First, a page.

Immigrant Detention

Did CCA Try to Cover Up the Inmate Protest at Youngstown’s Private Prison?

Update: WYTV reports “State Representative Bob Hagan said he is calling for a full review of the facility by the Ohio Corrections Institute Inspection Committee after he was denied access Wednesday to the prison to meet with inmates to hear their grievances.” When I first read that CCA’s private prison in Youngstown, Ohio was on lockdown last night, the few news outlets that reported the story had specifically deemed the situation there a ‘riot.’ I [Continue reading]

CCA’s Private Immigrant Prison in Ohio on Lockdown After Protests Over Prison Conditions

There was a prisoner protest at CCA’s private immigrant prison in Youngstown, Ohio today. WYTV reports that, “a woman who identified herself as the aunt of an inmate at the prison told WKBN that her nephew and fellow inmates were protesting the prison’s food and the way the guards treat them.” NEOCC is on lock-down and there are “Between 20 and 30 prisoners […] in the recreation area and the Warden is talking with them to try and end the [Continue reading]

Study Finds Hispanics Disproportionately Incarcerated in Private Prisons

A new study out of Oregon State University found that hispanics are disproportionately incarcerated at state and federal private prisons. And that’s not counting federal facilities contracted to house immigrant prisoners. The combined population of hispanic and african american inmates in private prisons was also found to be 4% higher than that of public institutions, which researchers called ‘significant.’ They were, however, unable to confirm the source of this racial [Continue reading]

Incarcerated Women in California Pen Open Letter Against GEO Group’s New Private Prison

In April, The Bakersfield Californian reported that the California Department of Corrections and Rehabilitation (CDCR) signed a contract with private prison company GEO Group to re-open and operate a women's facility in Mcfarland, California. GEO Group will own and operate the 260-bed facility and is expected to make around $9 million per year at full occupancy. Unfortunately, due to the lack of public access to private prison contracts, most of the details are unknown. This week, a group of ten female prisoners from the Central California Women’s Facility (CCWF) and the California Institution for Women (CIW) have written an open letter calling on "California state legislators to direct CDCR to cancel the contract with GEO and implement existing release programs instead of opening a new prison!" The prisoners write that they are being "shuffled around without regard for our well-being or our human rights" due to overcrowding. They note that CCWF's facility is currently operating at 185% capacity, and as a result, prisoners' access to critical services such as food and healthcare have declined. They are concerned, however, that women transferred to GEO Group's new facility will not see their treatment improve. [Continue reading]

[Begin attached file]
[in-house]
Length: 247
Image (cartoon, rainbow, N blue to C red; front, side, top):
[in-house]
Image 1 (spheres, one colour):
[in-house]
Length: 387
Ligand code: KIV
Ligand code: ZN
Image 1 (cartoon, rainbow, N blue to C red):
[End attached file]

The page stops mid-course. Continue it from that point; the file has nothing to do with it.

Vermonters for Criminal Justice Reform Fights to Bring Out-of-State Inmates Home From Private Prisons

Vermonters for Criminal Justice Reform’s Suzi Wizowaty joined VT Dept. of Corrections Commissioner Andy Pallito for an excellent talk on Vermont Public Radio about the use of out-of-state prison transfers to reduce prison overcrowding, and the impact it has on inmates, their communities and mass incarceration. Vermont currently sends over 500 prisoners to private facilities run by Corrections Corp. of America as far away as Kentucky (approx. 765 miles away) and Arizona (approx. 2,162 [Continue reading]

MuckRock’s “Private Prison Project” and the Need for Transparency

MuckRock announces “Private Prison Project.” Here’s why it’s so badly needed. Last week, Muckrock.com announced it was launching the Private Prison Project: a long-term investigation of the use of for-profit prison companies to accommodate America’s exploding incarceration rate. According to the website, which helps the public through the process of filing records requests to government agencies, the first step of the Private Prison Project will be to focus on [Continue reading]
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